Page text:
The Legal Abyss: The Homo Sacer in 24
Birkbeck College, University of London
(at time of presentation)
Cormac Deane is Lecturer in Culture and Media Studies at the Institute of Art, Design and Technology. His research includes screen aesthetics and theory, digital media, systems theory, legal theories of sovereignty and exception, and the depiction of ‘terrorism’ in contemporary media.
He is the translator of the final work of Christian Metz, L’énonciation impersonnelle, which will be published by Columbia University Press in 2015. Recent articles have appeared in Television Aesthetics and Style (Bloomsbury 2013), The Journal of Sonic Studies and Special Effects: New Histories, Theories, Contexts (BFI 2013). He is also the author of The Field Day Archive, a book-length description of the activities and archives of an Irish theatre and publishing company.
Cormac runs the Irish Screen Studies website, which is associated with the Irish Screen Studies Seminar. See irishscreenstudies.ie and on Twitter @IrishScreenStud.
A recipient of the Government of Ireland Postdoctoral Fellowship Award Scheme of the Irish Research Council in 2013-14, he received his PhD in 2010 at Birkbeck College, University of London, where he was a member of the London Consortium.
Cormac can be contacted at firstname.lastname@example.org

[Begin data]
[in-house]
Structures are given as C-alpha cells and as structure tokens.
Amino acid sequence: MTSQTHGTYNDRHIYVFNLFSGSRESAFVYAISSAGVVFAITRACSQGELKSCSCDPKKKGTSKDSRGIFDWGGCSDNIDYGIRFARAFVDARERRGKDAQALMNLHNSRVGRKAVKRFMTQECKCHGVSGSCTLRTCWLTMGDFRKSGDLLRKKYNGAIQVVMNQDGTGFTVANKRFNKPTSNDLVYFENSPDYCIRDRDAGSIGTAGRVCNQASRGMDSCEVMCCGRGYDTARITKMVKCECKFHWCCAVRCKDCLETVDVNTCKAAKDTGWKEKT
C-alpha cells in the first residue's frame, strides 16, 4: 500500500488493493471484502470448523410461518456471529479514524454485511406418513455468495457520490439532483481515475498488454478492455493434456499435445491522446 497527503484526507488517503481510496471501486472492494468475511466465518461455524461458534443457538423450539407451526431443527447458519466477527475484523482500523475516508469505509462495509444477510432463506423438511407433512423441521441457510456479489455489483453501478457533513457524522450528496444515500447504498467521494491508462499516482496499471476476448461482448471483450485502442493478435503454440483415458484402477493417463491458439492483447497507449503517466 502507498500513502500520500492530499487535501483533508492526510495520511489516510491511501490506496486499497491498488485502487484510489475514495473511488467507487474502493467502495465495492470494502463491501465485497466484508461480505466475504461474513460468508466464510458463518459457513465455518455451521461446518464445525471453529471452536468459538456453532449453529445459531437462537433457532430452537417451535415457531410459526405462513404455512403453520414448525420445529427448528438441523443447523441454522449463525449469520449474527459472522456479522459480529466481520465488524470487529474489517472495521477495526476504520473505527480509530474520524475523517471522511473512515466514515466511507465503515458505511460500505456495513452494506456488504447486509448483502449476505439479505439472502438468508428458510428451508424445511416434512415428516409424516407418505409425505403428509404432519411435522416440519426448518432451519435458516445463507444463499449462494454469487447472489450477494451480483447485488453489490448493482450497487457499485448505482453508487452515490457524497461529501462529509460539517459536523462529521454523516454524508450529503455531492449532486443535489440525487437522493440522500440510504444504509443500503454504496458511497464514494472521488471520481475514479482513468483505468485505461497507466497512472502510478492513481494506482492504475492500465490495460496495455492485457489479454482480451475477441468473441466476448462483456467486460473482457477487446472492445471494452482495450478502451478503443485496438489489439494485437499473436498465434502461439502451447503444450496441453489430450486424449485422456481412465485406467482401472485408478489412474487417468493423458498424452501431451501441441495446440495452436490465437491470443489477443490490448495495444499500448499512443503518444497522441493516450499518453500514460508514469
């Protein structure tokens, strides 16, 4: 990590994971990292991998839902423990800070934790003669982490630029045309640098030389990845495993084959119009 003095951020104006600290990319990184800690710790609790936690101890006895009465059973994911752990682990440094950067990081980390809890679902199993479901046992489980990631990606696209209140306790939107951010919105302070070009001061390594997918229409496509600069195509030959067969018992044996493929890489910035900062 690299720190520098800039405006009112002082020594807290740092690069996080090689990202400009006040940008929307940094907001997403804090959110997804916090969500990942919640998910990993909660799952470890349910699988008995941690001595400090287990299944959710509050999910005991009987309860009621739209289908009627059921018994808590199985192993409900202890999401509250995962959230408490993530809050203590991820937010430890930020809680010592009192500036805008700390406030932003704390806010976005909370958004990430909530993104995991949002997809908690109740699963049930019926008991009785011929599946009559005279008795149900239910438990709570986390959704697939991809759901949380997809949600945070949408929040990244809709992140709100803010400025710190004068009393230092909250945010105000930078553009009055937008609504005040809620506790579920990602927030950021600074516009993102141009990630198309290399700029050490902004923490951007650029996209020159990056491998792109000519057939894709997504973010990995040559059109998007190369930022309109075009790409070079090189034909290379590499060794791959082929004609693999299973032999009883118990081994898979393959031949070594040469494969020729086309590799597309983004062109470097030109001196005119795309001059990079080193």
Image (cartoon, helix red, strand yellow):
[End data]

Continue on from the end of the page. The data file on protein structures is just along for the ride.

The Roman legal concept of the homo sacer, which has most recently been elaborated by Giorgio Agamben, is invoked in the minor character Joe Prado in season 4 of the US television series 24. The homo sacer, literally the sacred man, is deprived of normal civic rights in such a way that he becomes the medium through which the forces of law and order, in this case the Los Angeles Counter-Terrorism Unit (CTU), are able to act as if in a state of exception. Over two episodes, Prado, who is suspected of aiding terrorists, suffers abduction, incarceration without charge, intimidation, withdrawal of protection, injury and torture at the hands of CTU, all in the name of national security. Through the use of screens within screens, and of ambiguously defined spaces of detention, 24 portrays the legal abyss where any action is deemed legal if it is carried out by the state, particularly if it is carried out by a state within the state, such as CTU. The open violation of rights that is normalized in 24, and which has deep roots in Western legal culture in the form of the homo sacer, has counterparts in Guantànamo, Abu Ghraib and elsewhere.